4.1.6. Exchange Through the Fram Strait

[26] The exchange through the Fram Strait has been divided into five water masses, following Schauer et al. [2004]; an eastern outflow of northward flowing AW and Deep Water (DW) with the WSC, and a western inflow of PW, Modified Atlantic Water (MAW), and DW with the southward flowing EGC. The water masses are indicated in Figures 24, and their carbon concentrations are provided in Table 2. To assess the uncertainty in the volume transport estimates for the individual water masses we have largely followed the reported ranges in the observed annual transports between 1997 and 2000 from Schauer et al. [2004], which are on the order of ±15–20%. We will here start by describing the outflows.

[27] The northward flow of AW (defined as water with Θ > 0°C and 27.7 < σθ ≤ 27.97 kg m−3) has been measured to 4 Sv [Cisewski et al., 2003; Schauer et al., 2004]. However, both geostrophic calculations and high-resolution model results have suggested that only 50% of the AW reaching the Fram Strait actually enters the Arctic Ocean [Rudels, 1987; Aksenov et al., 2010], while the remainder recirculates in the Fram Strait region. We therefore adopt a net number for AW export through the Fram Strait of 2 ± 0.4 Sv. In addition to the AW, the WSC also carries 4.6 Sv of DW northward [Schauer et al., 2004], where DW is defined as water colder than 0°C and with σθ > 27.9 kg m−3 [Rudels et al., 2000; Schauer et al., 2004]. Due to the strong barotropic nature of the WSC [Fahrbach et al., 2001; Schauer et al., 2004] we assume that, similar to the AW, half of the northward flowing DW recirculates in the strait and thus we assess a net DW outflow of 2.3 ± 0.5 Sv.

[28] Of the inflows, PW in the EGC has been defined the same way as in the Denmark Strait (Θ < 0°C; σθ ≤ 27.7 kg m−3) [Rudels et al., 2005] and we have adopted the volume transport estimate of 1 ± 0.2 Sv of Schauer et al. [2004]. MAW was defined in the same way as the AW (Θ > 0°C; 27.7 < σθ ≤ 27.7 kg m−3 [e.g., Rudels et al., 2000]) and its volume flux has been estimated to be about 3 Sv [Cisewski et al., 2003; Schauer et al., 2004]. However, the recirculation of 2 Sv of AW mentioned above must be taken into account, leaving 1 Sv of MAW entering the Nordic Seas from the Arctic Ocean. The reported range in MAW transport is approximately ±20% [Schauer et al., 2004], corresponding to ±0.2 Sv. Finally, the volume transport of the southward flowing DW has to be included, and we will assess this from the assumption of a balanced mass budget. Adding up all volume transports considered until now gives a total inflow of 11.2 ± 0.9 Sv and an outflow of 14.5 ± 1.2 Sv. Thus we need 3.3 ± 1.4 Sv to balance the mass budget, where the uncertainty is the propagated error of the inflows and outflows, assuming they are independent. We adopt this transport for the DW inflow through the Fram Strait. This value corresponds to almost half of the annual average of the observed total southward transport in Fram Strait of ∼7 Sv [Schauer et al., 2004].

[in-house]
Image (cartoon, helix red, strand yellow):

4.1.7. DOC in the Advective Terms

[29] In addition to the amount of DIC in each component we also need to know the concentration of DOC. We adopt values from the literature, especially Amon et al. [2003] and Benner et al. [2005], who present values of DOC for different water masses in the Nordic Seas (Table 2). Most of the AW-derived water masses have concentrations close to 60μmol kg−1, while the denser waters show values just above 50 μmol kg−1. The inflowing PW has the highest concentration (80 μmol kg−1), which has decreased to 70 μmol kg−1 when the water leaves the Nordic Seas through the Denmark Strait. For the DOC concentration in the inflowing NCC the value of the Baltic Sea inflow to the North Sea (76 μmol kg−1) presented by Thomas et al. [2005] has been used. The DOC concentration in the NCC in the BSO is calculated from a mixing between the inflowing NCC and the eastern branch of inflowing AW (see section 4.1.4). The highest content of DOC is found in the river runoff. The value for the Baltic runoff (355 μmol kg−1) is estimated from Schneider et al. [2003] as the average mean surface DOC between March and September 2001, and for the DOC in the runoff from Norway (334 μmol kg−1) we used the salinity-DOC regression fromBørsheim et al. [1999].